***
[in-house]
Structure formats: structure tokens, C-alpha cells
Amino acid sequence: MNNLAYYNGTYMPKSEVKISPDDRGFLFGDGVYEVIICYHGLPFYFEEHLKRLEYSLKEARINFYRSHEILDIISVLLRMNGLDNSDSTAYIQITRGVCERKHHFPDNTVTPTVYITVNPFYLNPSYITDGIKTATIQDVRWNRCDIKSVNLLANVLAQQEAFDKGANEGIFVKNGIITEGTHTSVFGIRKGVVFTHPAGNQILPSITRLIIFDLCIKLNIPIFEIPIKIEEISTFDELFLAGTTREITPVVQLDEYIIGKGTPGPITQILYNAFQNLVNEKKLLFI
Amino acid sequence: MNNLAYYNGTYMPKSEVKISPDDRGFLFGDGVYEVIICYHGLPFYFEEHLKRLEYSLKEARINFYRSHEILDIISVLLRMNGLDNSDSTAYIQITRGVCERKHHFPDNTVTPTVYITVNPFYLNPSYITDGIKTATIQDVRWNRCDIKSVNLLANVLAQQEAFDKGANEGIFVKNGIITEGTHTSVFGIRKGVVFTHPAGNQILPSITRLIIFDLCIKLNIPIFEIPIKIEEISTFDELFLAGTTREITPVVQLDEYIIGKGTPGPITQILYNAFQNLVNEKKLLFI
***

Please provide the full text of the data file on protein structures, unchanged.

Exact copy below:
[in-house]
Structure formats: structure tokens, C-alpha cells
Amino acid sequence: MNNLAYYNGTYMPKSEVKISPDDRGFLFGDGVYEVIICYHGLPFYFEEHLKRLEYSLKEARINFYRSHEILDIISVLLRMNGLDNSDSTAYIQITRGVCERKHHFPDNTVTPTVYITVNPFYLNPSYITDGIKTATIQDVRWNRCDIKSVNLLANVLAQQEAFDKGANEGIFVKNGIITEGTHTSVFGIRKGVVFTHPAGNQILPSITRLIIFDLCIKLNIPIFEIPIKIEEISTFDELFLAGTTREITPVVQLDEYIIGKGTPGPITQILYNAFQNLVNEKKLLFI
Amino acid sequence: MNNLAYYNGTYMPKSEVKISPDDRGFLFGDGVYEVIICYHGLPFYFEEHLKRLEYSLKEARINFYRSHEILDIISVLLRMNGLDNSDSTAYIQITRGVCERKHHFPDNTVTPTVYITVNPFYLNPSYITDGIKTATIQDVRWNRCDIKSVNLLANVLAQQEAFDKGANEGIFVKNGIITEGTHTSVFGIRKGVVFTHPAGNQILPSITRLIIFDLCIKLNIPIFEIPIKIEEISTFDELFLAGTTREITPVVQLDEYIIGKGTPGPITQILYNAFQNLVNEKKLLFI